I Want to Know

Yesterday, my good friend Kirakira Chan wrote a beautiful post on her blog, Words Sitting Near the Sky (http://wordssittingnearthesky.blogspot.com), entitled I Don’t Want to Know. The post was about a choice Kira has made, not to read newspapers or watch television news, actively choosing not to expose herself to news and current events.
Kira’s post was very articulate and well written, and made a strong case for blocking out the (generally negative) news in order to preserve serenity and sensitivity. It was especially interesting to me, because my sister has also expressed similar sentiments, and chooses not to read the newspaper or watch television news if she can avoid it.
This really made me think. Here are two intelligent women, who I love, admire and respect, taking a thoughtful and well intentioned position on something that is completely opposite to the way I feel, and almost have a visceral reaction to. It’s not that I want or need to change how they believe or behave; unless someone’s behavior hurts themselves or another, I am firmly of the live and let live credo. So why did this bother me so much?
After hours of soul searching, I realized that like so many things that shape who I am, this came directly back to one person, my mother. My mom, two years departed and much loved and missed, embraced the “Scarlett O’Hara, I’ll think about it tomorrow, put my head in the sand and hope tomorrow never comes” attitude to life. She avoided hard conversations, looming financial crisis, health problems and advanced planning for her elder years, and in fact, for her eventual after life decisions.
This inability to look at hard truths, and make decisions for herself caused her children a lot of pain and grief. We were left making decisions for her that made her unhappy but were the best actions we could take. We would have been thrilled to have her take command or control of her own care and destiny, but even when she still had the ability to do so, she resisted.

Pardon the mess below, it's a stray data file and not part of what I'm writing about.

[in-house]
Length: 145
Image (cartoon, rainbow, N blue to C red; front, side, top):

I loved my mom very much, but this attitude infuriated me and frustrated me, made me feel guilty at times for making her unhappy, and angry again with her for putting her children in that position. Because of that, I look unflinchingly at worst case scenarios. I have had my own share of bad luck, bad health and bad times, but my way of controlling those situations is to look at the very worst thing that can happen, figure out how I can deal with it, and then work my way backwards. The very worst thing seldom, if ever, happens, so by taking this approach, I feel more equipped to handle what comes my way.
Kira wrote in her essay about being a sensitive person and her concern that if she immersed herself in the catastrophes of events, global or local, she would be overwhelmed by sorrow. I know this to be true of her; she has a pure soul that radiates compassion. But I wondered if my willingness to be aware of the terrible tragedies going on in our world, to actively seek out this news, without actively doing anything to participate in improving things, did this make me a less compassionate person? Is there something insensitive in my ability to see people’s suffering, feel sorrow about it, but not internalize it to the point that it damages me in some way?
If I can’t help, or fix things, do I need to know about them? There is no wrong or right answer here. What I realized is that my “need to know” is my form of self-protection, just as Kira’s choice is hers. For now, I have no plans to change my behavior; I will continue to follow the news of the wars, the plane crashes, the immigration debates. I completely respect and support the different choice made by others on this, but for me, I DO want to know.
The end, for now

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